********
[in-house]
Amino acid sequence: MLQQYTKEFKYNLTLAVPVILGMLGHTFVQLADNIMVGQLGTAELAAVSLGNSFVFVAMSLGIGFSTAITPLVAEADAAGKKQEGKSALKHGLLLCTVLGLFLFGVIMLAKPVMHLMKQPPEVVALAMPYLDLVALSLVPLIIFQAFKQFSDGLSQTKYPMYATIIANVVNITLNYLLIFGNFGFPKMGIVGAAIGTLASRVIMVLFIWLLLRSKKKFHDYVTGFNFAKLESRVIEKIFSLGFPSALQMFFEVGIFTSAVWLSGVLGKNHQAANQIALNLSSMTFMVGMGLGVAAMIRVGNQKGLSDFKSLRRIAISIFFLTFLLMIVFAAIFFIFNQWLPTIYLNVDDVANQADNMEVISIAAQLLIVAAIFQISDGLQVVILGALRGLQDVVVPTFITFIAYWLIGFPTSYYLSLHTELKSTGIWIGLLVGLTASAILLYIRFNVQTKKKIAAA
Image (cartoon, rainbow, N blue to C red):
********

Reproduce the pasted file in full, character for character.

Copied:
[in-house]
Amino acid sequence: MLQQYTKEFKYNLTLAVPVILGMLGHTFVQLADNIMVGQLGTAELAAVSLGNSFVFVAMSLGIGFSTAITPLVAEADAAGKKQEGKSALKHGLLLCTVLGLFLFGVIMLAKPVMHLMKQPPEVVALAMPYLDLVALSLVPLIIFQAFKQFSDGLSQTKYPMYATIIANVVNITLNYLLIFGNFGFPKMGIVGAAIGTLASRVIMVLFIWLLLRSKKKFHDYVTGFNFAKLESRVIEKIFSLGFPSALQMFFEVGIFTSAVWLSGVLGKNHQAANQIALNLSSMTFMVGMGLGVAAMIRVGNQKGLSDFKSLRRIAISIFFLTFLLMIVFAAIFFIFNQWLPTIYLNVDDVANQADNMEVISIAAQLLIVAAIFQISDGLQVVILGALRGLQDVVVPTFITFIAYWLIGFPTSYYLSLHTELKSTGIWIGLLVGLTASAILLYIRFNVQTKKKIAAA
Image (cartoon, rainbow, N blue to C red):